Speed bumps on the other hand anoy the hell out of cyclists and motorist, the constant breaking and accelerating between them does nothing for the environment or the safety of other road users.

I'm all for anything that improves things for all non motorised road users...... reclaim the streets! That's what I say! Big Grin

Endorphines going up and adrenaline going down, who needs drugs?

posted by banzicyclist2 [208 posts]
24th August 2013 - 22:49

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Islington is a 20 borough. No-one observes the speed limit. There is no enforcement. "Official" vehicles like buses, taxis, post office and council trucks don't stick to it. It's pointless. Such a shame.

posted by Pauldmorgan [173 posts]
24th August 2013 - 23:14

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Pauldmorgan wrote:
Islington is a 20 borough. No-one observes the speed limit. There is no enforcement. "Official" vehicles like buses, taxis, post office and council trucks don't stick to it. It's pointless. Such a shame.

A shame it is indeed, but is not the case that when the speed limit was 30mph many/majority/most (from where your own viewpoint lies)motorists found it socially acceptable to drive at 33, 35, 36, 38, even 40mph when it was 'quiet'?

Now that it is a 20mph limit, has it not slowed them down even a little? Do they not now find it socially acceptable to drive at 25, 26, 28. 30mph at quiet times?

The end result being a reduction in average speed?

posted by Critchio [106 posts]
25th August 2013 - 11:00

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Yes Critchio is right. Reduce the limit and any speed reduction is a bonus. The police state it's pretty clear that 30mph is the threshold of what they call the 'cartwheel effect' where a light person - such as a child - will travel over the roof and hit the road behind the car. It's why collisions over 30mph result in so much death compare with under.

Billy man. I live in Sefton. They're a shambles. They're still not taking cycling seriously. We should talk and see what we can do to help. As far as I know Sefton are still 'testing' a few roads for 20mph - which makes no difference. I'm also working to get Peel and both councils to complete a safe route from the coastal path at Waterloo to the Puerhead so any input welcome.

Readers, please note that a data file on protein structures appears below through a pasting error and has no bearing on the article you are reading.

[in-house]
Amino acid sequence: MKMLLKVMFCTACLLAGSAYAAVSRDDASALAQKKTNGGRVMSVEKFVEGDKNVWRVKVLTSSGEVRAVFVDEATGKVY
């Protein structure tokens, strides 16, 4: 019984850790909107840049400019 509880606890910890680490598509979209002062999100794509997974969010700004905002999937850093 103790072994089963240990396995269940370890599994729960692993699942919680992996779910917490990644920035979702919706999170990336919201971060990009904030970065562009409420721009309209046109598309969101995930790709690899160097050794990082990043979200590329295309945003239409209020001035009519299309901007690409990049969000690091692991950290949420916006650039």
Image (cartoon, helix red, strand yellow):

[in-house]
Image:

Silly me. You're probably right....

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posted by MercuryOne [1057 posts]
25th August 2013 - 12:47

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what is the normal speed limit in the UK on residential streets? In the states it is 25mph but I don't think it is very well followed to say the least

posted by jarredscycling [445 posts]
25th August 2013 - 15:38

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Where did Neil Grieg of ASM get his figures from? He says there was 'a decrease in walking and cycling in cities such as Portsmouth.'

The DfT Interim Evaluation report (http://assets.dft.gov.uk/publications/speed-limits-portsmouth/speed-limi..., 2010), however, says:
'The survey suggests that the introduction of the scheme has made little difference to the majority of respondents in the amount they travelled by their chosen mode. Levels of car travel stayed similar, whilst the level of pedestrian travel, pedal cyclist travel and public transport usage had increased for a small number of respondents." (page 1)

Is there some more recent research and does he cite his sources? RoSPA (http://www.rospa.com/roadsafety/advice/highway/info/20-mph-zone-factshee..., 2012) quotes the original report; Par Hill Research (http://parhillresearch.com/s/Effect-of-20mph-zones-on-walking-and-cyclin..., 2013) also refers only to the Interim Evaluation, saying 'the level of pedestrian travel, pedal cyclist travel and public transport usage has slightly increased' (page 4). The level of walking and cycling increase in Portsmouth may have been modest compared with 20 mph zones in Hull and London, for example, but no-one else seems to be claiming a decrease in levels of those modes. Par Hill goes as far as to claim that 'There is evidence from Portsmouth, Barcelona and Brussels that 20mph zones without physical traffic calming significantly increase walking and cycling by increasing road safety and the perception of road safety.'

posted by arowland [84 posts]
27th August 2013 - 18:57

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jarredscycling wrote:
what is the normal speed limit in the UK on residential streets? In the states it is 25mph but I don't think it is very well followed to say the least

30 mph in the UK. Compliance varies with conditions (narrow streets with cars parked both sides have lower average speeds than wider ones and through-routes).

posted by arowland [84 posts]
27th August 2013 - 18:59